In its earlier incarnation, was primarily an open source technology project … working the realm of the LAMP stack and tools for applications like online auction and messaging updates from auction, this primarily translated into participation in MySQL and CGI scripts to serve data from MySQL to webpages – so this also meant the Apache webserver as well as other scripting languages, not just Perl, and also to tweaking Linux.


In order to envision the best path going forward, it is somewhat instructive to spend a moment or two looking back and understanding something about the history of open source. It’s perhaps difficult for people who didn’t work in the realm of open source back in the 1990s to fully understand and appreciate how remarkable the whole emergence of those first major open source communities was … there weren’t really that many paradigms to fall back on or rules to follow and we were working with unsupported code on really limited machines with severe bandwidth limitations – there was nothing like Google or StackExchange or anything in the way of quick and easy answers that are so incredibly useful, necessary [and taken for granted nowadays] … even the awesome books from OReilly were not free or that easy to obtain and, even the great ones were at least a couple years behind the curve … one had to sort of see around corners in order to know where to begin looking for information. A lot of times, there was no available information – one just had to figure something out.

But the community of developers and hackers was beyond AMAZING … as it is now, but maybe even moreso, back then! Yes, there were prickly, irascible jerks [who probably had a large enough sysadmin workload on their plate already and didn’t have time to add to that workload]… and there were people who didn’t have a clue what they were doing but were still offering advice as if they were seasoned experts or hacker sensei … and there were other aspects of the global open source circus that could be more like a drug-addled, weaponized Wild West freak show at times than something that one wanted to participate in … and there were the little things, like the NATO bombing Serbia that directly impacted some key developers and thus the progress of key portions of code for everyone in the world. But it was just so … so FREE!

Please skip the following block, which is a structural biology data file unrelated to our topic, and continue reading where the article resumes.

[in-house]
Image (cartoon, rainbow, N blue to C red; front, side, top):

The point here is that OPEN SOURCE IS SUPPOSED TO BE A FIGHT … having too many different AWESOME open source libraries is a really great problem to have; having companies like AWS roll out services faster than you can shake a stick at them is really great problem to have; having way too many options is really great problem to have … yes it takes a little effort finding an implementing solutions, but that’s not really HARD … the really HARD stuff is SIMPLIFICATION, but whenever what you’re working on is easy to the point of being tedious and predictable, maybe you’re working on the wrong things; maybe you’re not working on the stuff that matters; maybe you’re working on fluff – THE POINT OF OPEN SOURCE DEVELOPMENT IS ABOUT MAKE THE PEOPLE WHO DO IT MORE FREE THAN THEY WERE BEFORE. It’s not an entitlement; it’s not for people who can’t take a punch in the feels – legit open source is a FIGHT! Every hour, every day.


The main technology of is disruption. The core tool that we are building in order to be more disruptive is our Disruptive Engine, a Git intelligence tool – something that allows us to follow new stuff, before anyone knows that it’s the next big new thing … think of it as you might think of Netflix Chaos Monkey … except that its not so much about simulated chaos, it’s about looking REAL chaos … we are looking at real development chaos as an enabling technology for finding better, different ways to get past problems in development, not as something that we are trying to avoid so that our users can watch videos without any buffering issues.

Of course, the Disruptive Engine (disruptive recommendation/search engine) does not stand alone … but takes advantage of what it learns from the Salebarn messaging and bidding/offering/negotiation dashboards … and THAT is a topic that is worthy of its own universe of blog postings and different discussions about how the interwebs are broken and what sort of major overhaul to internet infrastructure is necessary in order to allow for the kind of low-latency exchanges and marketing negotiations that is about.